I really want streaming to work. Not just for the convenience as a gamer, but environmentally as well. Data Centers use huge amounts of power, which still isn’t great, but companies are doing everything they can for effeciency and plenty of centers are now being built to be powered by renewable energy only. Steps are being made, and each step forward is progress.

And like every complicated chain, that’s one part of the puzzle. Because people will be using lower powered systems to run games, they will use less energy as well. Without buying so many discs and cases, the amount of plastic created and thrown out is affected. Think Video Tapes and Music CD’s. Thanks to services like Netflix and Spotify, less of these are being made while the product itself reaches a lot more people.

Streaming makes sense in the long run, it’s just I don’t think we are there yet. This new generation of consoles will hopefully be the last generation that uses the digital download/play locally model, and I hope Sony takes advantage of this.

If they don’t? They may as well hand the next generation victory to Microsoft, similar to how Microsoft handed it over with the launch of the Xbox One.

Until next time,

JohnHQLD

E3 2019 – My picks for most excited news!

How’s that wallet feel? Mine is tensing up, but it’s not complaining. Yet.

Day one is done. So many announcements and things that I am looking forward to. There were only a few things I saw that I was ‘Meh’ about, but a lot of things were largely classified as ‘keep an eye on’.

But the things that got me excited and thinking the most? Well, they are below 🙂

Cyberpunk 2077

I used to play Cyberpunk back in the day. A pen and paper RPG, it was a great escape and showed me that sci-fi and fantasy are basically the same things.  Yes, they are, you know it’s true.

A year ago, I wrote a piece asking the Australian Film and Literature Classification Board to let me play Cyberpunk 2077. Drugs and other mature things are ingrained in this universe, and they have the power to refuse the game classification.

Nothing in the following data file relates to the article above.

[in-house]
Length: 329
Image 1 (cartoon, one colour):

None of this has changed. What has changed is we know Cyberpunk 2077 releases April 16th, 2020. And it has Keanu Reeves. Yes, I have already preordered it on GoG.com.

XBOX Game Pass PC and Game Pass Ultimate

Last year I bought a second hand XBOX One S to play games I had missed with Game Pass. Last weekend, I bought a new XBOX One S because it was purple.

I haven’t had the time to really sit and play the games I have wanted to, but that is changing. Void Bastards has gotten some play time, and will be getting more this week probably. $10 a month for access to over 100 games? It’s a good deal. XBOX Gold? Not so much, as I am not playing multiplayer or really want to buy new games at a discount.

This may be the best sales idea Microsoft has ever had

But now, I can keep my XBOX Game Pass, have access to a bunch more games on PC, and have Gold and the 4 free games a month for $15 a month? Yes, I am already signed up.

Doom Eternal

I know Doom’s popularity is primarily from multiplayer, but the single-player campaign from the 2016 reboot was so much fun and felt just like the original Doom.

Doom Eternal, the new sequel, seems to be taking a new twist. Run around and blow up everything with a huge array of funky weapons? Yep, that’s still there.

But now apparently you (as Doomguy obviously) have got the attention of the heavens. Angelic combat, anyone?

Doom is not a subtle series, and I hope they keep this up. Either way, more Doom coming November 22nd, 2019.

Final Fantasy VII Remake

OK, it will just be the first ‘episode’, but we now have a release date for this long teased Square Enix favourite.

The new trailer shows even more Final Fantasy XV style combat, but by itself that doesn’t worry me. As I have said before, I am not one of the people asking for a straight remaster, so I am looking forward to seeing what Square Enix has done.

And I will find out March 3rd, 2020. Luckily it is the first ‘episode’ – Bloodlines 2 and Cyberpunk are right in this same time frame!

Project Scarlett and the cloud

This is an area I am not so much excited for, as keeping an eye on. Microsoft’s cloud gaming service turns your XBOX One into a local server – essentially download the game locally. Not a bad idea, but a new packaging on an existing idea.

The next gen console though. Hardware wise, Scarlett and the PS5 (if that’s what they call it) sound the same – new hardware with early access to PCI-E 5 technology to use ridiculous amounts of bandwidth internally.

So the gauntlet is thrown, Sony.

Tech upgrades aren’t necessarily a bad thing, but people balked at the price of the XBOX One X. These new consoles either have to be crazy expensive (comparatively), or the respective companies will be making a massive loss on initial sales – much more than previous generations.